The Megane, after a light facelift, is still a comely alternative to Golfs and the like, with a distinctive comfort in its ride. But not compelling. Though one version is a stand-out: the E-Tech, a plug-in hybrid. Most rivals are an electrical add-on to an existing engine, transmission and brakes. Renault went back to basics, designing the entire set-up around hybrid. So it’s still economical once the battery is depleted. It’s also quiet, even when the engine’s running. 

Pressing the mode button to use electric in town and the engine for faster roads netted me an average 90mpg for a 60-mile route. After three hours on the home charger (Renault throws it in free), the car would be ready to do it again. Or, immediately, a long trip on petrol.

The car we tested:

RS Line E-Tech (£32,995)

Engine: 1.6-litre 4cyl plus electric motor, FWD, automatic 

Power: 160hp (combined petrol/electric) 

0–62mph: 9.8 seconds 

Top speed: 111mph

Fuel economy*: 217.3mpg

Electric-only range: 30mph

CO₂*: 30g/km 

5. Best electric luxury crossover: BMW iX3 

From £58,850

Best new cars for spring BMW iX3

BMW makes the X3 as petrol, diesel, PHEV and now this: a full-electric version. It’s almost exactly the same inside and out as the others, which means BMW’s usual quality and ease of use. The X3 is actually BMW’s most popular model worldwide. A handy overall size and useful boot help. The well-damped ride at all speeds, and accurate sure-footed cornering, are hallmarks of the drive. As you’d expect. Also the near-silence. 

For a BMW the performance is maybe unexpectedly modest: the near-vicious kick you get from some big EVs is absent. It’s also RWD-only, so not a snowy weather star. By pinning back performance to what’s sufficient but not overabundant, BMW has managed to get good efficiency. That brings long range out of a battery that can be charged in a short time.

The car we tested: 

Premier Edition (£58,850)

Engine: Electric motor, RWD, single-speed 

Power & torque: 286hp, 400Nm 

0–62mph: 6.8 seconds 

Top speed: 112mph 

Range*: 279 miles 

CO₂: 0g/km 

Price: £58,850

6. Best fuel-cell luxury saloon: Toyota Mirai

From approx £53,000

Best new cars for spring Toyota Mirai

Fuel-cell cars run on hydrogen and emit only water. But, at the moment, that fuel in the UK is hard to find, as expensive per mile as petrol and not very green. In some other countries it’s widespread, cheap and renewable. When that happens here, the new Mirai would be a really fine car. It’s a big luxurious saloon, with a well-furnished cabin. Power is modest, but delivered in that exact and immediate fashion common to all cars where the motor directly drives the wheels.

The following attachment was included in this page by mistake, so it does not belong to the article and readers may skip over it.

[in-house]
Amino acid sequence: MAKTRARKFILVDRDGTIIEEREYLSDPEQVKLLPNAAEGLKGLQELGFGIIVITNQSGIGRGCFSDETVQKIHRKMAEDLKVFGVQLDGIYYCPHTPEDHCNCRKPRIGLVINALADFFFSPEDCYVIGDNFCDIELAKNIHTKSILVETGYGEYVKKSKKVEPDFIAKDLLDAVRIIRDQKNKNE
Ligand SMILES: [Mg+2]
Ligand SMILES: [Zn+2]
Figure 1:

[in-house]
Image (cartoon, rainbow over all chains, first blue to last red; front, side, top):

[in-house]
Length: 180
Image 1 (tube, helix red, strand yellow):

The suspension is set up to capitalise; the ride is terrifically cushioning, yet the cornering isn’t mushy. For long distance drivers the killer feature is that it refuels in 10 minutes every 350-odd miles. Big battery-electric cars can’t go that far, take longer to recharge, and cost more.

The car we tested:

Mirai (approx £53,000)

Engine: Electric motor, RWD, single-speed 

Power & torque: 182hp, 300Nm 

0–62mph: 9.2 seconds 

Top speed: 109mph 

Range*: Approx 400 miles (NEDC) 

CO₂: 0g/km 

Lockdown and car sales

In the first national lockdown it was all but impossible to buy a new car, as dealers were shut. But gradually they learned how to sell cars online and ensure safe click-and-collect or home handovers, plus servicing, parts and MOTs. So in the latest lockdown, car sales continued – but were still suppressed. To keep things moving, manufacturers are offering handsome deals in all sorts of ways. Low-interest finance is to be expected, but they’re also adding a combination of discounts or deposit contributions (same thing), three-month repayment holidays and servicing offers. Bargain hard. 

Camper boom

If you’re in the market for a camping upgrade, why not join the thousands of Brits who, faced with long-term working from home, have splashed out and boosted campervan and motorhome sales in the last year? Parked on the drive, plugged into the mains and in range of home WiFi, a camper’s table is a very reasonable WFH desk... 

*Measurememts are WLTP unless otherwise noted. For further details, click here.